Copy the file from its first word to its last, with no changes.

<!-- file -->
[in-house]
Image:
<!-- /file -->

[in-house]
Image: